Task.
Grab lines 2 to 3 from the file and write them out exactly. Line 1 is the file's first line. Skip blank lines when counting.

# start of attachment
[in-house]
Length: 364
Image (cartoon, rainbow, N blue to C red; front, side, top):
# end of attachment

Length: 364
Image (cartoon, rainbow, N blue to C red; front, side, top):